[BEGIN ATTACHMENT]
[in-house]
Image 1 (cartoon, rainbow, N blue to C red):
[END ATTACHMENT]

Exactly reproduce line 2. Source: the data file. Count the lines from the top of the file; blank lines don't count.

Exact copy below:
Image 1 (cartoon, rainbow, N blue to C red):